“WE'RE now in a really challenging environment ... the standard in Australia has been [for people] to own their own home and now it is increasingly out of reach for people with good jobs, who work hard.”
“Today people are sitting in expensive rental housing and they may well be sitting there for all of their lives,” Ms Ferguson added.
Professionals from the community and property sector were invited to the inaugural meeting to look at solutions to a concerning and mounting issue.
Illawarra Forum CEO Nicky Sloan said she hoped the breakfast would result in the formation of a “coalition of the willing” to address the “number one issue for everyone”.
Key strategies discussed included changing the way social housing was perceived, getting more developers on board and changing outdated government policies.
Ecoblue Developments director Nick Murdoch called for more developers to work with non-profit-organisations, like The Housing Trust, to create well designed and affordable housing.
Fountaindale Group director Jennifer Macquarie said NSW policy was lagging behind other states and would take 12 years to catch up.
“For many years we’ve been contending with a very constrained and inefficient planning system. Councils are under resourced, there’s conflict between the requirements of various government agencies … and policies change,” Ms Macquarie said.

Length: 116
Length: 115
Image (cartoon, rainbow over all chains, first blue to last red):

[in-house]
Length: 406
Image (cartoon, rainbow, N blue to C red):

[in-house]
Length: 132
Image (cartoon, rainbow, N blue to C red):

She also urged councils to update policies deemed “out of date”, using examples of different rules for different councils and exorbitant fees making it difficult to create affordable housing.
Sebastian James from the NSW Department of Family and Community Services pushed the dire concern for something to be done, telling of a growing number of homeless people riding the late night South Coast line trains.
He spoke of a former paramedic in his 40’s, who lost his family when he lost his job five years ago.
“The most interesting thing about his story, is he currently has a casual job so he’s got the means to afford a home. But he wasn’t able to find anything [suitable] on the rental market … and he’s also on the social housing register,” Mr James said.
Jancey Malins from the Illawarra division of the Property Council closed the meeting by reiterating the conversation needed to continue because it deals with “real lives”.
“It would be really fantastic if the Illawarra became really well known in this area,” Ms Malins said.
She said the ambition was to eventually create a charter for professional bodies to sign and demonstrate their commitment to making housing more affordable for everyone in the region.